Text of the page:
Transitioning into the game itself one of the changes taking place is the tower ammunition being removed entirely. Instead of soaking tower shots while pushing a lane and giving yourself a tactical advantage on the map until they run out, the towers will fire continuously. “We wanted to promote more active aggressive play in the lanes. One of the things we’re trying to do is make our laning phase more impactful,” said McGeathy.
Initial thoughts are that the “Specialist” heroes who play the role of “lane bully” by being able to clear an opposing minion wave quickly while exhausting tower ammunition to cause enemy heroes to re-position will be negatively impacted, McGeathy says otherwise through their playtesting.
Another change taking place in-lane is the re-work to how Regeneration Globes are gathered. After four seconds, Regeneration Globes will become neutral if unclaimed and are eligible to be gathered by either team.
McGeathy comments that while the tower ammunition change may change the way lanes are played a bit, the Regen Globe alteration will definitely mix things up. “We want the laning phase to feel more impactful and [players to] be more rewarded if you are able to win your lane so that you become more important in that regard but at the same time with some of the changes we are making it is actually a little easier to play defensively too,” said McGeathy.
Quests that relied gathering Regeneration Globes may be completed much quicker depending on the hero and player, providing a power spike to heroes that were ignored prior if you win your lane.
The final large visual indicator players will see when they experience the 2018 gameplay changes for the first time is the ability, for some, to actually see stealth heroes as they move across the battlefield. By adjusting the shaders associated with the stealth heroes, players can now see them much clearer on the map as they move about.
“Stealth heroes have been a challenge pretty much as long as they have existed because the power and devastating aspect of stealth came about from that “eye test” of ‘Can your opponent see the hero?’” said McGeathy.
McGeathy went on talk about the heroes needing to find a right mix between casual play and competitive play in terms of their visibility and the decision to adjust their shader to make them more visible allows for them to be buffed in certain ways in the future.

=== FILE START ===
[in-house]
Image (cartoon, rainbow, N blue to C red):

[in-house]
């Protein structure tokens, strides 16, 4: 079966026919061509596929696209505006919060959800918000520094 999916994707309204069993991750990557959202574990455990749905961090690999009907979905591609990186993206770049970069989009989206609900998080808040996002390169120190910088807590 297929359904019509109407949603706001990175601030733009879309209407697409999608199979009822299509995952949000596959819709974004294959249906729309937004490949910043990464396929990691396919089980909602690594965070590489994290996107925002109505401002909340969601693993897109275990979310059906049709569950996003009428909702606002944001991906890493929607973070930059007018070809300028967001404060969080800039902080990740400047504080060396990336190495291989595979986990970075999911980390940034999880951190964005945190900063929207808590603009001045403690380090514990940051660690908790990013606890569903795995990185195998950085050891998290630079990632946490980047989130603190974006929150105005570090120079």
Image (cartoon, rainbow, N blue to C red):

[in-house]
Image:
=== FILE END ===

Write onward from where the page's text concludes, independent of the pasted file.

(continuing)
Prior, it was difficult to make a stealth hero, such as Zeratul, more powerful as it was already hard enough to see him on the map so little counter-play was involved if your vision was poor. By making the stealth heroes more visible, the Heroes’ team was able to buff Zeratul, Samuro and Valeera in different ways to make up for their increased visibility going forward. An overlooked dynamic when making adjustments to the game, McGeathy says, is the emphasis on “making heroes not only fun to play but be fun to play against.”
The stealth heroes do gain “true stealth” when not moving for a small period of time to add the “fear factor” of “where is the stealth hero?” but once they move their become more visible.
As far as what McGeathy himself is most excited about, “As a system designer at my core, the performance based matchmaking is the most exciting thing for this whole thing. As a player, the camera change. We’ve been playing on this internally for months now and it’s not a huge change, we’re pulling the camera back around 11 percent or so..but once you’ve gotten used to it, going back to the live game, it’s jarring.”
McGeathy and his team have shown time and time again that they are not afraid to take the game that is known and loved and flip it on its head. Nothing is safe from tweaking as 2018 looks to expand the nexus into unknown territories.
“You always want to be iterating on the game and keeping it fresh, making changes to make it a better experience. We’re not afraid to sort of ‘slaughter those sacred cows’ but only when it makes sense,” said McGeathy.
Beginning on November 20th, players will be able to experience the new changes first-hand on the Public Test Realm (PTR) before they go live.